At 610 Magnolia, you can enjoy a classic American burger or sandwich.
Low-fat and gluten-free options are featured on the menu as well.
Drinks are also on the menu here, so guests can start the night off right.
Ideal for birthday parties or other large get-togethers, 610 Magnolia has all the room you'll need to be comfortable.
Love the food so much you want to serve it at your next soiree? No problem — 610 Magnolia offers catering.
Parking is available in the lot next door, as is valet. If the lot is full, street parking is also an option.
Save 610 Magnolia for a splurge since prices for a meal can run upwards of $50.
The dinner menu is a crowd pleaser at the restaurant, though breakfast and lunch are also served.
For a flaky croissant or old-fashioned chocolate chip cookie, Ermin's French Bakery and Cafe is the best bakery around.
The menu at Ermin's French Bakery and Cafe does not include any low-fat options, so come ready to indulge.
Bask in the sun (or moon!) light when you dine on Ermin's French Bakery and Cafe's outdoor patio.
You can also grab your grub to go.
You can also serve food from Ermin's French Bakery and Cafe at your next party — the bakery offers catering.
With tabs typically staying under $15, your wallet (and your stomach) will be happy with a trip to Ermin's French Bakery and Cafe.
Justin and Kristin Gilbert spent three years in Italy, visiting gelaterie in more than 20 cities to mine artisanal secrets before opening their own shop. In choreographed musical numbers, the duo handcraft dense, flavor-packed gelato in small batches using local milk and fresh fruit. From a repertoire of more than 100 recipes, Justin and Kristin curate 20 flavors at a time. Past and present flavors include poached-pear zinfandel, orange-ginger dairy-free sorbetto, and chocolate orange?one of Justin's favorites, according to a feature in Louisville Magazine. Delicate cr?pes conceal Nutella or lemon and sugar. The cozy shop also sends forth its mobile cart to cater office snack breaks, weddings with as many as 2000 guests, and Roman legions on the march.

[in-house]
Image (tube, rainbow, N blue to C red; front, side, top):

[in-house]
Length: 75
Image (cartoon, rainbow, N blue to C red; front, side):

In the middle of July, alfresco diners at Le Deauville might dive headlong into a Bastille Day celebration, watching as servers light red, white, and blue cupcake towers with sparklers or mediate street-side matches of pétanque. Though they bathe their sidewalk bistro in patriotic colors on state holidays, the staffers also immerse visitors in French culture year-round. Chefs populate seasonal menus with traditional French dishes such as steamed mussels in tomato and herbs, roasted rack of lamb with bordelaise mint sauce, and sea scallops with wild-mushroom risotto. They sometimes augment these dishes with globe-hopping guests including Caribbean lobster and Spanish mackerel, introducing new flavors to French preparations without having to pass sushi off as really, really strange-looking ratatouille.
In warm weather, servers ferry these dishes to sidewalk tables draped in white tablecloths next to the restaurant's French-door-covered façade, which is illuminated each night by strings of colored light bulbs. Gray tiled floors inlaid with intricate designs spread out inside, running between dark-wood-paneled and exposed-brick walls. Here, patrons gather at café tables or sidle up to an old wooden bar, where servers pour from a full stock of beer, wine, and spirits.
Taste of Belgium follows an authentic family recipe to make its waffles out of thick dough and coarse Belgian beet sugar. A specialized cast-iron press then crushes the dough into its distinctive waffle shape and caramelizes the sugar in the process. This gives the waffle a rich vanilla flavor and a delightful sweetness that doesn't require syrup. As such, you can eat waffles on the go without plates, forks, or Catholic guilt.
La Poste chef, Dave Taylor, has crafted a menu of inventive dishes served with unconventional and delicious sides, as well as myriad quality wines. As in epistolary matters, the menu at La Poste is divided into Postage, Salutation, Body, and Postscript. Fritter away the premeal wait with a "postage" choice of ricotta fritters adorned with candied orange, bathed in black-truffle oil, and served with baby arugula ($7). Hungrier diners can upgrade to the succulent sausage in brioche, served with bacon, frisee, and brown butter ($10), with the option of delivery confirmation from a contented stomach. Amid the trellised windows and casual-but-tasteful arrangements of the restaurant, a glass of pinot noir from Gerard Bertrand ($9) sets off a plate of grilled salmon served with a smoked-paprika ratatouille and simmered in a buerre-rouge sauce ($18).